Melo denies leaking SC ruling on automation
Posted September 11, 2009on:
By Anna Valmero
First Posted 18:50:00 09/10/2009
Filed Under: Eleksyon 2010, Judiciary (system of justice), Elections, Politics
MANILA, Philippines – Commission on Elections (Comelec) chairman Jose Melo denied allegations that he had leaked the unpromulgated decision of the Supreme Court that upheld the automation of the elections in May 2010.
On Thursday, lawyer Harry Roque, convener of Concerned Citizens’ Movement, filed a motion to investigate Melo for “contempt of court” for allegations of premature disclosure of the supposed 11-3-1 vote by the high tribunal that denied the petition also by Roque to nullify the agreement between the Comelec and Smartmatic-Total Information Management.
Melo said that when he gave the comments on Tuesday afternoon to the media, including the INQUIRER.net, he was under the impression that the news had been spread and that he was merely reacting to the ruling.
“How can I leak something [decision] which I did not have? Apparently, when the news about the SC [Supreme Court] voting on the petition was circulating within the media at around 1p.m. alam na ng press [the press knew about it] even before the news reached me when I was presiding over the en banc meeting on Tuesday,” said Melo.
Melo added that in the middle of Tuesday’s en banc meeting which he presided, Supreme Court reporter Jomar Canlas texted him before 1p.m., saying: “11-3-1 approved ang poll automation [11-3-1 poll automation has been approved].”
But at that time, Melo’s mobile phone had been left with his secretary since 10 a.m. to avoid being interrupted during the meeting. He claimed that he did not know about Canlas’ message until Professor Renato Garcia, consultant and Comelec Advisory Council member, told him about the radio reports.
“During the meeting, I was told by our consultant Prof. Renato Garcia about the results aired over radio reports. I then required my chief of staff and secretary to get a copy of the resolution. They were told it cannot be promulgated yet because they are still awaiting the dissenting opinion from the three justices. But definitely there was a voting as what SC told them when they inquired,” said Melo.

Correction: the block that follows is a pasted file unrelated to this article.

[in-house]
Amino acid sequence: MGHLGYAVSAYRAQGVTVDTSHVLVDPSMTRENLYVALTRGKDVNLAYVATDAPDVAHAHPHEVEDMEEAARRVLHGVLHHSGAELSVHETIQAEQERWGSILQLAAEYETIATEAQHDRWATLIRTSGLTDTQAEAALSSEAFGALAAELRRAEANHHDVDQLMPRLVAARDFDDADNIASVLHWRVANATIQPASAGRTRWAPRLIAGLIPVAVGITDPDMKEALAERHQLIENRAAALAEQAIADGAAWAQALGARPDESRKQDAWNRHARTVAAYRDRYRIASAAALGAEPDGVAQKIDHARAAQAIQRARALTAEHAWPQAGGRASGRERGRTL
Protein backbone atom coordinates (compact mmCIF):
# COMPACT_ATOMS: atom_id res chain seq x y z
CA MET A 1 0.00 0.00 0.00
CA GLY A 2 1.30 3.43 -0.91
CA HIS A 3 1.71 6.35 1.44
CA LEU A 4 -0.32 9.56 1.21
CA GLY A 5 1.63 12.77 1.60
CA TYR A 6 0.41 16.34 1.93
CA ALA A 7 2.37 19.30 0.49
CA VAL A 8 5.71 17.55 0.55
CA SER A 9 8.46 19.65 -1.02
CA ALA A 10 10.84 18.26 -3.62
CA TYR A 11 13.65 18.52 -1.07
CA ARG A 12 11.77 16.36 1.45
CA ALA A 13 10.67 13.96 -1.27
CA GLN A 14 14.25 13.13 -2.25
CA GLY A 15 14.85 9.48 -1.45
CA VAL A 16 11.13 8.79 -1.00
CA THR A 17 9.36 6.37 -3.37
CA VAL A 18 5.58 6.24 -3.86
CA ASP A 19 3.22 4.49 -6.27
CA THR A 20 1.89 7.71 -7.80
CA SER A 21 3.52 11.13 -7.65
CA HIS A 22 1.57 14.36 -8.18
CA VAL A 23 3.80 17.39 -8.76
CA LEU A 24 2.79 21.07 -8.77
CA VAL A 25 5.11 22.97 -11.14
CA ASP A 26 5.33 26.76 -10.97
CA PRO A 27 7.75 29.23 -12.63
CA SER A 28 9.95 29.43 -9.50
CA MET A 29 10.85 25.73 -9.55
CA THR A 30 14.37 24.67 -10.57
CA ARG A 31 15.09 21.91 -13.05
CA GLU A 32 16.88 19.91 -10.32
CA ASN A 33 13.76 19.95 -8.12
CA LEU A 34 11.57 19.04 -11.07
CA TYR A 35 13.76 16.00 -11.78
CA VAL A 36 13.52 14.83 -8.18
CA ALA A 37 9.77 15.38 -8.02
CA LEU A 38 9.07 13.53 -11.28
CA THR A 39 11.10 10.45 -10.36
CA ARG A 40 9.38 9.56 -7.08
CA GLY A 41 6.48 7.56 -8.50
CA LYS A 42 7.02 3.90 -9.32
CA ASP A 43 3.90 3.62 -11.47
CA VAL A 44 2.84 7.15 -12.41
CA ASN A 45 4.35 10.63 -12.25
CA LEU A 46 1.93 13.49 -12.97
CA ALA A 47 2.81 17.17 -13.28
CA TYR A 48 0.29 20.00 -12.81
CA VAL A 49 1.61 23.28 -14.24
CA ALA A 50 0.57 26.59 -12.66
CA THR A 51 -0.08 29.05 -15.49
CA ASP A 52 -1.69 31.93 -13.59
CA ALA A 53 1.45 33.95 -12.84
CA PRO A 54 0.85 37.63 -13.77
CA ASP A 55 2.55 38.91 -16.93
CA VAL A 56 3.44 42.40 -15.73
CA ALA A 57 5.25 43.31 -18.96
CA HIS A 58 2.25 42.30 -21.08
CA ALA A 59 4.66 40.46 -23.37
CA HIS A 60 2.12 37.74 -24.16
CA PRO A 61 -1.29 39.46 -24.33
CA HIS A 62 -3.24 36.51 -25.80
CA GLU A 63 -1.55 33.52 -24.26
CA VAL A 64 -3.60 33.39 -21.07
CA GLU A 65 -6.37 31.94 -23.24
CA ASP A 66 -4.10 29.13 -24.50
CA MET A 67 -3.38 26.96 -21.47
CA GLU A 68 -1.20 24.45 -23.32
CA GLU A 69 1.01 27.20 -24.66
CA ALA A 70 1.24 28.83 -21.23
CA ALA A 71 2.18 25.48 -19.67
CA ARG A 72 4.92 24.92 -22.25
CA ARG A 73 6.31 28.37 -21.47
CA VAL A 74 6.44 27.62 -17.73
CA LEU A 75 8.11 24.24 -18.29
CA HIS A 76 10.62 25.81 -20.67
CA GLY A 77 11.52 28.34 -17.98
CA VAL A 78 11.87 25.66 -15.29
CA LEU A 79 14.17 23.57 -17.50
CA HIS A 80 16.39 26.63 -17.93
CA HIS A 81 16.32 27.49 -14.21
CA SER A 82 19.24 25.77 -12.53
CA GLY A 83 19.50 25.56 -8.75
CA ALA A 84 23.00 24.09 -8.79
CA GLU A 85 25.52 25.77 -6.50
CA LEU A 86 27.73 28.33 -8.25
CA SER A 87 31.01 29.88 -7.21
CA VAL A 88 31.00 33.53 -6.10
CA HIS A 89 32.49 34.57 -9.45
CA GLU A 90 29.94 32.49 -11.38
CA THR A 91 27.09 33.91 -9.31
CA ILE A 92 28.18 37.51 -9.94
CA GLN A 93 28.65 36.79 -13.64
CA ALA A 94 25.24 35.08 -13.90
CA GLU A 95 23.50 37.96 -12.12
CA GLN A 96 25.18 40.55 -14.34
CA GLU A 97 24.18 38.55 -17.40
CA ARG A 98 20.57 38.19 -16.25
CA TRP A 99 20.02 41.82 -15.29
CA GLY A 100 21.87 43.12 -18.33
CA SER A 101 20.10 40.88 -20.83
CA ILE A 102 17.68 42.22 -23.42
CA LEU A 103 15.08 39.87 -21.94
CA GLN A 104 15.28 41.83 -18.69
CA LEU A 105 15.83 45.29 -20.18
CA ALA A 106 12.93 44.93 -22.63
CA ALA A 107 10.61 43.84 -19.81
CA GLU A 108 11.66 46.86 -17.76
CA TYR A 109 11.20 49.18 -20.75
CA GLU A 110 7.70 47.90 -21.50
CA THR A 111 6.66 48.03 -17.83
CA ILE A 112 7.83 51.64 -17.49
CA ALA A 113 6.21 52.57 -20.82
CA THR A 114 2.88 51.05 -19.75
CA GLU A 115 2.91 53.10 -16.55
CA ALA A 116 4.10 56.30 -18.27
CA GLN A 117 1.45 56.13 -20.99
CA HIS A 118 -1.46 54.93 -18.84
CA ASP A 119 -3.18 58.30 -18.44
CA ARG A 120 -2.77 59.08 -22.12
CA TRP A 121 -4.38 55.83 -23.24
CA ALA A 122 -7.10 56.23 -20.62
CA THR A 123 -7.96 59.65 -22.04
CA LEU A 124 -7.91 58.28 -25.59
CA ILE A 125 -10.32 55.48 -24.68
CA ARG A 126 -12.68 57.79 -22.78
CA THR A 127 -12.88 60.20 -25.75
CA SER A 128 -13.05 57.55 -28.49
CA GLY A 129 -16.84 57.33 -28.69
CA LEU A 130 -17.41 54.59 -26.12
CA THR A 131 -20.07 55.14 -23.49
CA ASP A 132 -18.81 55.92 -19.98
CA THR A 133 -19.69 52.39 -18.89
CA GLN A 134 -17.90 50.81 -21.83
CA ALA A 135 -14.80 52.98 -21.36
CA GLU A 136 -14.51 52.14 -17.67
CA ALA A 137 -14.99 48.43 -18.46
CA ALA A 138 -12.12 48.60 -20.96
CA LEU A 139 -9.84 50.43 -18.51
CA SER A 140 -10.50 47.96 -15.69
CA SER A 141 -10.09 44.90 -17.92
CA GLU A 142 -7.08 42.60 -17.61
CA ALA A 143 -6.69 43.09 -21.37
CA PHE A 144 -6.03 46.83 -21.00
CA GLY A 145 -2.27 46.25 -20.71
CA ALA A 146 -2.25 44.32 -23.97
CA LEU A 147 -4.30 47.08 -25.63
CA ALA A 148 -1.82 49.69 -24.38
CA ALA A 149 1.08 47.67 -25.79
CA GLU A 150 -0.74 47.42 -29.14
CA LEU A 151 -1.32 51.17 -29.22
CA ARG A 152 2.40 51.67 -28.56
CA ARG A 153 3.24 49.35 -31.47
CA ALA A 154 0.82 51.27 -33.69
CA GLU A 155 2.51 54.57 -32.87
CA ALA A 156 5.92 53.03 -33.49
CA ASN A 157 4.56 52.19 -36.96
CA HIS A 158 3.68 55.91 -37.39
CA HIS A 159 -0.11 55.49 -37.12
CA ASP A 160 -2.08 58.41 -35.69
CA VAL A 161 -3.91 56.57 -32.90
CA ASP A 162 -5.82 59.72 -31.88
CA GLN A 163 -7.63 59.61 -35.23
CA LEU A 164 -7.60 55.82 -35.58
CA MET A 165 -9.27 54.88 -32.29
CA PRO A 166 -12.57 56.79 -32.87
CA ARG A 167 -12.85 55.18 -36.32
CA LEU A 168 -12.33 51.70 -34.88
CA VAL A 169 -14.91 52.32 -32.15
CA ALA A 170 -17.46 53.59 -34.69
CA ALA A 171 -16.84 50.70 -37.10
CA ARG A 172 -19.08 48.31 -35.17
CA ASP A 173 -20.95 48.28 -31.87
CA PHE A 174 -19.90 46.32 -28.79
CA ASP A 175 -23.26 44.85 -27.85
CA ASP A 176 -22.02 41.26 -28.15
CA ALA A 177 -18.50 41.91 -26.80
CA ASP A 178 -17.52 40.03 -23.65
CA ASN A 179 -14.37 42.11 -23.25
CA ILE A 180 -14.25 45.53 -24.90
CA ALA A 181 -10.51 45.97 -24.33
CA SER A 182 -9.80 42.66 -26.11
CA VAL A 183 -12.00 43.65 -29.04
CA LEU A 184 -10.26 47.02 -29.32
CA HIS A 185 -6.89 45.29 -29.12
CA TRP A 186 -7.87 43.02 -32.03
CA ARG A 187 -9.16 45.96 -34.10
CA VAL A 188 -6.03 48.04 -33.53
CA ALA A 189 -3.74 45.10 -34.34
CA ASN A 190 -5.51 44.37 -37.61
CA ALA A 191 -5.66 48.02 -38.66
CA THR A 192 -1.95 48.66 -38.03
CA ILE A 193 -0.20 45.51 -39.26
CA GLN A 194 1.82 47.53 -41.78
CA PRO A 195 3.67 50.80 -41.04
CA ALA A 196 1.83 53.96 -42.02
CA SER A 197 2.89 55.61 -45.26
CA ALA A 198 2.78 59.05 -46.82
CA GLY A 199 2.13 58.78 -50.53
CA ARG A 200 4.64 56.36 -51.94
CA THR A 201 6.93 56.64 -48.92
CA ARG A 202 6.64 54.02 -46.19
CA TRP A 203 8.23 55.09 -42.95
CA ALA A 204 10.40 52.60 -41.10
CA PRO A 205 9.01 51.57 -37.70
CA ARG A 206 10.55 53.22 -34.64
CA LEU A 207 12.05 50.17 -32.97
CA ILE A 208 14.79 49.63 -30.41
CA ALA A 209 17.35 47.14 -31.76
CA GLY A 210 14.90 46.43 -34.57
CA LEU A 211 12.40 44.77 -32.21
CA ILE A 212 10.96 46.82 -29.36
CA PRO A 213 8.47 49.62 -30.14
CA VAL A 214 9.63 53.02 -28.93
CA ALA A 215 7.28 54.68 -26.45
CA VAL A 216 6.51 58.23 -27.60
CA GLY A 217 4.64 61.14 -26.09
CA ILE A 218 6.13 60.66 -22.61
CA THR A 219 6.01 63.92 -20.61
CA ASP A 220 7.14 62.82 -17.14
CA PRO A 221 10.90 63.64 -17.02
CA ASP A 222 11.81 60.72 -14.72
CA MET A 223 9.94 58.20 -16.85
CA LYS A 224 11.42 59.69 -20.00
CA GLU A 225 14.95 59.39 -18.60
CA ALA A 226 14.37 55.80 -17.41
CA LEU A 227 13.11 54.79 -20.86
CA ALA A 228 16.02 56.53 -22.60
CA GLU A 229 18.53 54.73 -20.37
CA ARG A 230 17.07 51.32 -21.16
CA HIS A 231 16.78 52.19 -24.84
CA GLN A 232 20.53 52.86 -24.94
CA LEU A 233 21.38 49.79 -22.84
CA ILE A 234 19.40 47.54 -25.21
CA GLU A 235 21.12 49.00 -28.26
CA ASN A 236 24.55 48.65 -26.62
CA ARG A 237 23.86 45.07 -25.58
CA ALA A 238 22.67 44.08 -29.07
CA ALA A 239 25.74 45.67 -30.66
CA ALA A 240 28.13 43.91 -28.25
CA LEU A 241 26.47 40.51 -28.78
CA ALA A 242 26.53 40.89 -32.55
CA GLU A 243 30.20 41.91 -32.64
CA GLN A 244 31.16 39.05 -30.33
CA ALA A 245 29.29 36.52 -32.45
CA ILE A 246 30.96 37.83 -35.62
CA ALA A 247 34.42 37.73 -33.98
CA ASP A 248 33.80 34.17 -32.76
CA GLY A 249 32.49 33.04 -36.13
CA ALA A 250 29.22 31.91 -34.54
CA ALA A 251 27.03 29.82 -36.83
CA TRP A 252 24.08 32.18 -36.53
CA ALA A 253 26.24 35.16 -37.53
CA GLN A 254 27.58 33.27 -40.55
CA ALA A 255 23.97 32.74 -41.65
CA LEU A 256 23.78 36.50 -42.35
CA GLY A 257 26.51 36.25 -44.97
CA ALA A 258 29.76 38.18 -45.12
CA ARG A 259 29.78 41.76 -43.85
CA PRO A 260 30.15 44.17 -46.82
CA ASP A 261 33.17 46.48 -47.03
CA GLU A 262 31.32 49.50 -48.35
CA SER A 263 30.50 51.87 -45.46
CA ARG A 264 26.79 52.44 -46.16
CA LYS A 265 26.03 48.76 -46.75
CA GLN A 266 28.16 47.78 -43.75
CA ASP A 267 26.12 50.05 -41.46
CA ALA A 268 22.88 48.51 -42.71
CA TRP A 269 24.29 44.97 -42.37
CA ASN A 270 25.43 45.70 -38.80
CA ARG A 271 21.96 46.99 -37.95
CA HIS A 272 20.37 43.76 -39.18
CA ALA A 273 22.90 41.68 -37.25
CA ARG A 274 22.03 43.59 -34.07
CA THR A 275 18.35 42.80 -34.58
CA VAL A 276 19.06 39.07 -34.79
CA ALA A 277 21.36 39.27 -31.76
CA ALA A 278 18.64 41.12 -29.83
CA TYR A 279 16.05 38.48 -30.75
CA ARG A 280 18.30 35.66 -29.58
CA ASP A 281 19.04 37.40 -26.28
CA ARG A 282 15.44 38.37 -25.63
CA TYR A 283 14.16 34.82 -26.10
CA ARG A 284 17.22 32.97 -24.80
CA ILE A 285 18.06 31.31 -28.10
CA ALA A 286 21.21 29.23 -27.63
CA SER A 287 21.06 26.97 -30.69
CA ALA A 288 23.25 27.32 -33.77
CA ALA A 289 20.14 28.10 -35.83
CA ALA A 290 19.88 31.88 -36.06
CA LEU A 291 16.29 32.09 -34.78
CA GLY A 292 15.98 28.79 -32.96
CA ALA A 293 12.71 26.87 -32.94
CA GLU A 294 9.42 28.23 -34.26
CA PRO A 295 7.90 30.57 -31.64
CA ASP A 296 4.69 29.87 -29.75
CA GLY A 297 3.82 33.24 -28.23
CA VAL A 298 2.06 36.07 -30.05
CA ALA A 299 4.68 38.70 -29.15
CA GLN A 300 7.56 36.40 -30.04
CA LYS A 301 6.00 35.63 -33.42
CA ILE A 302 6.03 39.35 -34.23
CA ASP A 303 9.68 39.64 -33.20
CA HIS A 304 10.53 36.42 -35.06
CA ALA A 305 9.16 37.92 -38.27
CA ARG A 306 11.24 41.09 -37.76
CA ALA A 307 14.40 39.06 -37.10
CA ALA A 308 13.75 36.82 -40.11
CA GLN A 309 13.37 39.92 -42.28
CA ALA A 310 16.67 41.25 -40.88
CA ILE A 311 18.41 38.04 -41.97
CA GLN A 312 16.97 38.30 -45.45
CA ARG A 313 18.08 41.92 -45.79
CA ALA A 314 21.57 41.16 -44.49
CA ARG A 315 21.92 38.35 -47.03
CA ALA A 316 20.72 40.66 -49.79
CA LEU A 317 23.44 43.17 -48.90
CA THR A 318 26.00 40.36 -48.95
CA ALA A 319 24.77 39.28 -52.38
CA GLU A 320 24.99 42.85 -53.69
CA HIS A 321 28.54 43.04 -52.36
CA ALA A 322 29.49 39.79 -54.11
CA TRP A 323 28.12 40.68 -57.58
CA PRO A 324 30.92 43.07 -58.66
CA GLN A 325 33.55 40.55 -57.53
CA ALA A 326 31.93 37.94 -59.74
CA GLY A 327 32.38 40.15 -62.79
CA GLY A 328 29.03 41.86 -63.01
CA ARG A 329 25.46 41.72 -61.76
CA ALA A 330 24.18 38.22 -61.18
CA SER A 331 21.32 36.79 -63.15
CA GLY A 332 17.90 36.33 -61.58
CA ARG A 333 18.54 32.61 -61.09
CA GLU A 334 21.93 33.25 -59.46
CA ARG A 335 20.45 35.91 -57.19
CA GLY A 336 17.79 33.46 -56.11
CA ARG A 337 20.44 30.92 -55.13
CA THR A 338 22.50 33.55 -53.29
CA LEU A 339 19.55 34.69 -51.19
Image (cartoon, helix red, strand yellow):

Melo added that he also received a text message from Tribune reporter Marie Surbano, apologizing for the slant in her published article Wednesday, which claimed that Melo leaked the high court ruling.
Quoting the text message, Melo said: “Gud am po. Si Mari Surbano po Daily Tribune. Pasensiya na kayo sa twist ng story it is Benjie Pulta our SC reporter. Message sent, 3:52p.m. Wednesday [Good a.m., Sir. This is Mari Surbano of Daily Tribune. I apologize for the twist in the story. It was Benjie Pulta, our SC reporter. Message sent, 3:52 p.m. Wednesday].”
Asked of the chances that the Supreme Court would require him to comment on the motion for contempt filed by Roque and of the motion for reconsideration to be filed on the ruling, Melo said that the tactics of Roque were “not well thought [of].”
“I don’t think the SC will require me to comment on this motion for contempt because in the first place I did not leak the voting results. As for the chances of the MR to be considered, that is very nil because the SC will not change its decision once issued.”
Melo said preparations for automation with provider Smartmatic-TIM have gone full-blast, with the first batch of 20 development sets of poll machines to be delivered in November.